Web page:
African Languages Research Institute (ALRI)

Mission

To research, document and develop Zimbabwean indigenous languages in order to promote and expand their use in all spheres of life.

Vision

The African Languages Research Institute (ALRI) is an inter-disciplinary, semi-autonomous and non-faculty research unit located at the UZ dedicated to the research, documentation and development of African indigenous languages in Zimbabwe. Its research agenda focuses mainly on corpus development and maintenance, computational lexicography and language technology applications. The Institute was established in 2000 to mark the transformation of the African languages Lexical (ALLEX) Project into a permanent research unit at the UZ. The ALLEX Project started in 1992 as a project in the Department of African Languages and Literature and its major objective was the compilation of mother-tongue monolingual dictionaries, corpora and other reference works in Shona and Ndebele, the two main indigenous languages of Zimbabwe. ALRI institutionalised the work of the ALLEX Project in lexicography, strengthened the corpus linguistics component in it, and added terminology and translation as related specialisations.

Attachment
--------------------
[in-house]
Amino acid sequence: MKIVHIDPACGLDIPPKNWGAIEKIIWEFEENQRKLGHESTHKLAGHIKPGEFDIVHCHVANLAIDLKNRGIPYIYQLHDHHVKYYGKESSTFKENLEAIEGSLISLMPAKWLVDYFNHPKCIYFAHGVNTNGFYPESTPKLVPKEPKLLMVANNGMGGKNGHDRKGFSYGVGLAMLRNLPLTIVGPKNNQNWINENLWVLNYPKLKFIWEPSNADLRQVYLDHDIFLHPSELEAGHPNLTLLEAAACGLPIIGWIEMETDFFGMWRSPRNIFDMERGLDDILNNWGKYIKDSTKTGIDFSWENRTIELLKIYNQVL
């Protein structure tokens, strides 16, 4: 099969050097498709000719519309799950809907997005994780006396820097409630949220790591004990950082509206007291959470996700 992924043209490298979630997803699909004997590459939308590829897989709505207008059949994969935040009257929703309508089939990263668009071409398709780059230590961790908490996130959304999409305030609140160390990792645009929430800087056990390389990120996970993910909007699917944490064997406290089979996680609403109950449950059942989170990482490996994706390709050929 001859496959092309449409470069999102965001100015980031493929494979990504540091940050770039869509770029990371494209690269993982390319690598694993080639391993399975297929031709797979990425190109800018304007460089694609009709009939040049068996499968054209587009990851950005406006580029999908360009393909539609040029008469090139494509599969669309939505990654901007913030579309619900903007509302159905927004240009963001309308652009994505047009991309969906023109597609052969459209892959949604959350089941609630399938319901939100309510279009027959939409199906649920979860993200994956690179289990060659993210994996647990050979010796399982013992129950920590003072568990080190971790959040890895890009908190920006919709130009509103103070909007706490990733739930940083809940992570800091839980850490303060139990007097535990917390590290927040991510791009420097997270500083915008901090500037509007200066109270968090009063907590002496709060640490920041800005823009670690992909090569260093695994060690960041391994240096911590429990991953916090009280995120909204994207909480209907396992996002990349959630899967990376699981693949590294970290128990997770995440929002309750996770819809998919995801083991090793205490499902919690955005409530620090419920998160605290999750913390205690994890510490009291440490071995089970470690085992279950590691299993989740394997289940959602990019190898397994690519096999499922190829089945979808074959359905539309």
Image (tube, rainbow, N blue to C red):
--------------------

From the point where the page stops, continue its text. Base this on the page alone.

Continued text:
The Institute’s expanded research program prioritises the setting up of lexicographic units in other Zimbabwean languages in addition to sustaining its research in Shona and Ndebele. So far, research on Zimbabwe’s once marginalised languages has started with priority given to Tonga, Nambya, Shangani and Kalanga where work has commenced on the compilation of corpora. Whilst the Institute engages in many language development and documentation activities, the production of monolingual dictionaries remains its priority. Dictionaries, amongst other reference works, are considered central to the development and empowerment of the country’s languages, which have suffered under-development for a long time.

ALRI plans to initiate and oversee projects in all the other local languages, and to train mother-tongue researchers from the respective language communities to do the linguistic field work and documentation that is required by the communities themselves.

Research output